“One of the things I had learned through therapy was, ‘Am I having anxiety about putting my kiddo in school because I'm a survivor? Or am I having anxiety about putting my kid in school because every parent in America is scared to put their children into a school system?’ Just breaking those things down in my brain really helps to process,” Mendo says.

<p>Courtesy of Missy Mendo</p> Missy Mendo in 2024

Courtesy of Missy Mendo

Missy Mendo in 2024

Mendo says she’ll talk to her daughter about what she went through when “the time is appropriate and the situation is appropriate."

Related: How to Talk to Your Kids About Gun Violence in the Wake of the Uvalde Elementary School Shooting

For Amy Over, now 43 and a mother of four, that conversation has already happened with her two oldest children, who went to their senior prom on April 19, one day before the 25th anniversary of the Columbine massacre.

“I have an 11-year-old son, and he's starting to ask what happened to me, so I think that that's probably something that him and I will navigate together,” Over tells PEOPLE. “And he knows that something bad happened to mom when I was 18 years old. Yeah, he knows, but he doesn't know the extent of my story, whereas my older kids know what happened to me.”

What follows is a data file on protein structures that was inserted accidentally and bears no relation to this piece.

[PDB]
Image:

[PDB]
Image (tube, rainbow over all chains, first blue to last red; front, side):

Over describes her feelings about her son and daughter, both 18, attending senior prom as bittersweet, since she went to her own senior prom just days before the shooting. She called it a “full circle moment" and says she just wants them to have a great night.

“I just remember it being just a beautiful, happy time, just a fun night with my friends,” Over says about her own prom. “And I guess the saddest part of it is that I'm just not that same girl that I was 25 years ago.”

<p>Courtesy of Amy Over </p> Amy Over at age 18 in 1999.

Courtesy of Amy Over

Amy Over at age 18 in 1999.

Over says she “lost her innocence” that fateful day when she hid under a cafeteria table as shots were being fired. While she got out “relatively quickly,” she credits teacher and coach Dave Sanders — who was killed in the shooting — with saving the lives of many students by telling them when to run.